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callus

[kal-uh s]
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noun, plural cal·lus·es.
  1. Pathology, Physiology.
    1. a hardened or thickened part of the skin; a callosity.
    2. a new growth of osseous matter at the ends of a fractured bone, serving to unite them.
  2. Also callose. Botany.
    1. the tissue that forms over the wounds of plants, protecting the inner tissues and causing healing.
    2. a deposit on the perforated area of a sieve tube.
    3. (in grasses) a tough swelling at the base of a lemma or palea.
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verb (used without object), cal·lused, cal·lus·ing.
  1. to form a callus.
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verb (used with object), cal·lused, cal·lus·ing.
  1. to produce a callus or calluses on: Heavy work callused his hands.
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Origin of callus

1555–65; < Latin callus, masculine variant of callum; see callous
Related formsun·cal·lused, adjective
Can be confusedcallous callus
Dictionary.com Unabridged Based on the Random House Unabridged Dictionary, © Random House, Inc. 2018

Related Words for callus

conform, strengthen, stupefy, discipline, inure, develop, callous, acclimatize, adapt, habituate, stun, steel, embitter, season, train, numb, deaden, teach, dull, stiffen

Examples from the Web for callus

Historical Examples of callus


British Dictionary definitions for callus

callus

noun plural -luses
  1. Also called: callosity an area of skin that is hard or thick, esp on the palm of the hand or sole of the foot, as from continual friction or pressure
  2. an area of bony tissue formed during the healing of a fractured bone
  3. botany
    1. a mass of hard protective tissue produced in woody plants at the site of an injury
    2. an accumulation of callose in the sieve tubes
  4. biotechnology a mass of undifferentiated cells produced as the first stage in tissue culture
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verb
  1. to produce or cause to produce a callus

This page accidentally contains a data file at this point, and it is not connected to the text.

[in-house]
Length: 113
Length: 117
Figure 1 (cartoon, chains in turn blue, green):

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Word Origin for callus

C16: from Latin, variant of callum hardened skin
Collins English Dictionary - Complete & Unabridged 2012 Digital Edition © William Collins Sons & Co. Ltd. 1979, 1986 © HarperCollins Publishers 1998, 2000, 2003, 2005, 2006, 2007, 2009, 2012

Word Origin and History for callus

n.

"hardened skin," 1560s, from Latin callus, variant of callum "hard skin," related to callere "be hard," from PIE root *kal- "hard" (cf. Sanskrit kalika "bud," Old Irish calath "hard," Old Church Slavonic kaliti "to cool, harden").

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Online Etymology Dictionary, © 2010 Douglas Harper

callus in Medicine

callus

(kăləs)
n. pl. cal•lus•es
  1. callosity
  2. The hard bony tissue that develops around the ends of a fractured bone during healing.
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The American Heritage® Stedman's Medical Dictionary Copyright © 2002, 2001, 1995 by Houghton Mifflin Company. Published by Houghton Mifflin Company.

callus in Science

callus

[kăləs]
  1. An area of the skin that has become hardened and thick, usually because of prolonged pressure or rubbing.
  2. The hard bony tissue that develops around the ends of a fractured bone during healing.
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The American Heritage® Science Dictionary Copyright © 2011. Published by Houghton Mifflin Harcourt Publishing Company. All rights reserved.